Pet retailers and manufacturers say the dog treats and chews category is thriving, with consumers paying attention to a few key factors.
Long-lasting, single-ingredient, natural chews are driving sales, according to Mike Thomas, vice president of development at QT Dog, a Dallas-based manufacturer of natural dog chews.
Tony March, marketing manager for Pet Factory, a Mundelein, Ill.-based manufacturer of domestically sourced and made beefhide products, added that chews that are highly digestible and are USA made are also important to customers.
“Consumers are demanding more made-in-USA products for their pets,” he said. “They are willing to pay extra for products that are meeting higher standards in safety, quality and best practices in manufacturing.”
Sourcing and producing treats and chews in the U.S. has benefits for customers, said manufacturers and retailers alike.
“Our quality standards with USDA [U.S. Department of Agriculture]-certified ingredients allow you to treat and feed your pet with confidence,” said Alison Cremeans, director of marketing for Dayton, Ohio-based MiracleCorp, the maker of Stewart treats. “Our ingredients are locally sourced and manufactured in the heart of the Midwest under our own roof. Being sourced and made in the USA allows us to produce premium-quality food and treats at competitive and affordable price points.”
The Quirky Pet store in Montpelier, Vt., exclusively carries products made in the U.S. Owner Cindra Conison said she carries Vital Essentials but really values the relationships she has built with smaller manufacturers.
“I’m on a first-name basis when I call them,” she said. “It continues to support small business, and it’s also knowing if I have a problem with a product, I can call BarknBig in Colorado and say, ‘Here’s what’s going on.’”
Kim McCohan, chief happiness officer of Bend Pet Express, which has stores in Bend, Ore., said customers get excited about local treats and chews.
“When we brought in a new cookie called Pawkets, our customers jumped onboard quickly, as they are a local company and they use eco-friendly paper wrapping as opposed to plastic,” McCohan said. “Anything local is a hit, including the Pacific Northwest region.”
When it comes to chews, dog owners are excited to venture beyond “old reliables” like pig ears and bully sticks in favor of more novel chews, retailers said.
“People who are into various treats and chews for their dogs love seeing new chews at our Body-Parts Bar,” said Jason Ast, owner of Just Dog People, a pet store in Garner, N.C. “When we brought in duck heads, people loved commenting on them, even if they didn’t purchase them.”
The Quirky Pet offers a little of everything.
“I have a really huge selection,” Conison said. “I have a lot of chews that people just have never seen before. I sell duck heads from Vital Essentials, from their Raw Bar. I’ve got smoked pig tails, I have cow tails, I have jerky pretzels, I have bison scapula, I have twisted sheep pizzles. I have smoked cow ears, I have sheep ears, I have lamb ears. … I just brought in beef spleen, and that seems to be selling well, too.”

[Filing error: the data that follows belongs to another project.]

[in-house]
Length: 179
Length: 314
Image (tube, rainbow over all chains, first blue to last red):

Based on the store’s selection, Conison’s customers would never suspect that she is a vegetarian.
Limited, Single and Ready to Mingle
Demand is higher than ever before for single-ingredient treats, said Vicki Wagner, owner of Kennelmaster Foods, a manufacturer in New Smyrna Beach, Fla.
“Above all else, pet owners are demanding American-made, single- or low-ingredient, and low-calorie treats,” she said.
Kennelmaster Foods’ single-ingredient offerings include Chip’s Naturals Doggie Chicken Chips, Beefy Bites and Liver Slivers.
“Single-ingredient pet treats have become a necessary component in pet nutrition that retailers cannot deny,” Wagner said. “Pet owners demonstrate this every day in their efforts to avoid artificial, potentially harmful and unnecessary ingredients.”
Consumers are paying close attention to ingredients, said Rod Herrenbruck, chief imagineer of treats for Tuffy’s Pet Products, a brand of Perham, Minn.-based KLN Family Brands.
“Made in the USA and grain free are big with the consumer today,” Herrenbruck said. “However, ingredients are very important not only in type, but also in the order on ingredient deck and number of ingredients.”
Customers turn to limited-ingredient treats to avoid artificial preservatives, flavorings and additives, but also when they are looking to avoid allergens, said Eric Abbey, president and founder of Loving Pets, a Cranbury, N.J.-based manufacturer of pet treats and feeding supplies. To help shoppers easily find what they’re looking for, Loving Pets has added icons for distinctions like Grain Free and Gluten Free to its packaging.
“Creating eye-catching packaging that clearly calls out what’s ‘in,’ and sometimes what’s ‘out,’ and where the product is made has been a direct response to what pet parents are looking for,” Abbey said.
Stewart, a brand by MiracleCorp Products in Dayton, Ohio, offers 10 single-ingredient, freeze-dried treats in its Pro-Treat line.
“Beef liver has always been and continues to be our best-selling protein variety,” said Alison Cremeans, MiracleCorp’s director of marketing. “However, chicken liver and chicken breast are also popular options. Our collection also includes lamb liver, duck liver, bison liver, wild salmon and even cheddar cheese to give dogs a tasty array of options, particularly those with sensitivities and allergies.”
Give a Dog a Bone
Innovations abound in the dog chews and treats category. This year, manufacturers have debuted a variety of products to meet the needs of dogs and their owners.
QT Dog introduced its Water Buffalo Cheek Rolls earlier this year. The chews are a great alternative to rawhide, according officials of the Dallas-based company.